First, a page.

I wanted to tell him so much. I wanted to apologize for my teenage years and for any disappointments I may have caused him. I wanted to tell him how important he is to me, my husband, and my daughters. I wanted to tell him that I was not ready either for him to go. I didn't get to say any of this because I did not want to scare him or have him think that I was preparing for him to go. I did tell him very often: I love you daddy. I feel some minor comfort knowing he knew I loved him.

I've been told it gets easier in time. I understand that, but the pain of losing my dad will never be easy. Remembering his fight with this disease, will never be easy.

My mom and I sit back and think about when dad almost passed out at work one day, was this a warning sign, then my mom said that sometimes my dad complained that his body hurt - even a slightest touch, he also complained about his stomach. His color was ashen for a while, which we assumed he was in some pain from his bad hip. In May 2008, dad saw his Cardiologist and had an Echocardiogram. The technician mentioned to my dad that he had a "hard heart". My dad joked that the technician must have been talking to my mom before the test. Were all of these symptoms early signs of Amyloidosis?? We came to the conclusion that they must have been, however, even if dad saw a doctor for these symptoms, we believe he would not have been tested for Amyloidosis. It is of no comfort, but represents the long delay of diagnosis.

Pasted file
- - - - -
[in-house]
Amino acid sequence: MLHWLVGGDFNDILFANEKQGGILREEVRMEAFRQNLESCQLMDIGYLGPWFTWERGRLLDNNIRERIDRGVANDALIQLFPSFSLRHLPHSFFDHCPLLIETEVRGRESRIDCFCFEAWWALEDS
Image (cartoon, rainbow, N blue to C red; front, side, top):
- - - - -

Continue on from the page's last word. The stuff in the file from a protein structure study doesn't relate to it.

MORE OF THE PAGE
After my researching, I knew dad's prognosis was not good. My husband and I would talk about this and we both "knew", but I did not want to accept it. I kept faith and hope and prayed. I was encouraged when dad excelled from his brain surgery. He healed quickly. He also made progress with his lambda light chains. Although, the down side was, the damage was already done. There were many, many ups and downs.

My blog ends here. I hope my dad's amyloid fight will help in some way, someone who is also fighting this disease or someone who is supporting their loved one.

I will forever love and miss my dad.

Saturday, June 6, 2009


George Wojtowicz, my Dad, passed away this morning.